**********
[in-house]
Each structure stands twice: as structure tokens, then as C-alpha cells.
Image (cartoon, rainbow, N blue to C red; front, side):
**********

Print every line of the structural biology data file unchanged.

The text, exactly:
[in-house]
Each structure stands twice: as structure tokens, then as C-alpha cells.
Image (cartoon, rainbow, N blue to C red; front, side):